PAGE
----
The School Fireman

In the bowels of the boiler room of P.S. 122, Tommy Gawiak sits solo. The sun hasn’t rubbed the sleep out of its eyes yet, and the 1,368 elementary school kids won’t start skipping in for an hour or so.


Photo by Nancy A. Ruhling.
Tommy has been at P.S. 122 since 1979.

Tommy, the big guy in the little room; he doesn’t mind the solitude, which is broken only by the creaks of his aging body. He’s the school’s fireman, a title that was conferred on maintenance workers back in the days when coal had to be shoveled into the furnaces to fire them up.

Since 1979, Tommy has been making sure everything is up and running at the Mamie Fay Core Knowledge Magnet School. He’s its longest-serving worker. The kids call him Mr. Tommy, or Mr. Custodian, or Mr. Cleaner, which he thinks is cute.


Photo by Nancy A. Ruhling.
He has the most seniority in the school.

“I’m the Old Maid,” the 56-year-old Tommy says. “I’m as old and derelict as you get around here.”

Tommy, a Corona kid whose family moved to the Astoria area around the time he took the P.S. 122 job, is happy to say he has been gainfully employed since age eight, when he made spending money by unloading advertising fliers from trucks.


Photo by Nancy A. Ruhling.
He’s Mr. Cleaner, Mr. Custodian or Mr. Tommy.

Later, he graduated to a paper route. He learned all the handyman stuff that prepared him for being a fireman in his early teens while toiling in a woodworking shop. And when he got his working papers, he had a blast as a grocery store stock boy.

“I grew up across the street from a firehouse, and I always wanted to be a firefighter or a fighter pilot,” he says. “At the time, those jobs required 20/20 vision. Everyone in our family has bad eyes and gets glasses at birth. I thought I had escaped, but it sneaked up on me. I got them when I was a freshman in high school.”


Photo by Nancy A. Ruhling.
A fire bucket in the boiler room.

With those options crossed off his wish list, Tommy couldn’t see far enough ahead to decide how he wanted to spend his life.

“I took a cup of coffee at college for one and a half years,” he says. “I was studying accounting. But one day I said to myself, ‘This is boring. I can’t wait to get out and get a real job.'”

That real job was the one at P.S. 122, and it turned out it was never boring.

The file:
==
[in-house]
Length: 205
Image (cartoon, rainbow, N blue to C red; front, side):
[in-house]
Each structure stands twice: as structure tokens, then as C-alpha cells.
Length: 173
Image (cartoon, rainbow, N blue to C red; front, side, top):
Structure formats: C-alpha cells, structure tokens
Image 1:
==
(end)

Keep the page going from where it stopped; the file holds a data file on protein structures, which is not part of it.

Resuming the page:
Photo by Nancy A. Ruhling.
Tommy in his basement bunker.

“I love the variety,” Tommy says, adding that he and the building manager are responsible for the school’s upkeep. “I do everything from operating the boilers and fixing broken window shades and toilets, to replacing tiles and landscaping.”

Tommy, a wide-eyed giant with Santa-white hair, is the first guy in the building every morning. It is he who opens the massive cast-iron gates at 6 a.m. He lives in Medford, Long Island, which is a lifetime away, so he gets up at 3:30 a.m. or 4 a.m. to make it on time. His shift ends at 3 p.m., right when traffic revs up, so it’s not unusual for him to spend two hours on the commute home.


Photo by Nancy A. Ruhling.
He loves the variety of his job.

When the weather is bad, he spends the night in his basement office, which has some of the comforts of home, including a stove, refrigerator and sink. Upstairs, there’s a shower.

This concrete bunker, whose spotless floor is painted battleship grey, is furnished with two leatherette couches, one cream, the other coffee, that are big enough even for Tommy to sprawl out on. There also are three rocking chairs, a dining table and an old TV set. One wall has shelves full of videotapes that were saved from the trash bin. Tommy keeps an extra set of clothes in his locker.


Photo by Nancy A. Ruhling.
He’s the school’s Mr. Fix-It.

He doesn’t mind staying over. He makes a cup of tea.

“I don’t drink anything fancy, only Lipton,” he says. “I’m a meat and potatoes guy when it comes to tea.”

And it gives him a jump on tough jobs like snow shoveling, which has to be done long before he opens the school’s doors.


Photo by Nancy A. Ruhling.
Tommy’s domain — and responsibility.

“Some people would think it’s scary to spend the night here alone,” he says, “but I’m used to it.”

Builit in 1925, the red-brick schoolhouse is a grande old dame. Its entrance is flanked by majestic white colonial columns. Sometimes, Tommy feels as ancient as it is.

Every year, getting the building ready for September becomes harder. Rooms have to be painted and floors must be stripped. There is no elevator or air conditioning, and thousands of 50-pound boxes of textbooks need to be carried to classrooms.

“It’s five stories tall — five friggin’ stories tall — when I have to go back down to get something I forgot,” Tommy says. “There are 65 full-size classrooms, 10 office rooms, two gyms, one lunchroom and a partridge in a pear tree. Okay, maybe it’s a pigeon in a maple.”


Photo by Nancy A. Ruhling.
He looks forward to coming to work.

Tommy’s not sure how much longer he can do it. But he must: Although his two sons are grown, his daughter is only 16.

“I’m not watching the clock,” he says. “If I left, I’d probably get a part-time job driving a school bus, or do odd jobs in my neighborhood.”

For the last decade, Tommy has been planting Rose of Sharon bushes from his home garden at the school. He likes to think that they’ll be there even when he’s not.

Nancy A. Ruhling may be reached at
Copyright 2013 by Nancy A. Ruhling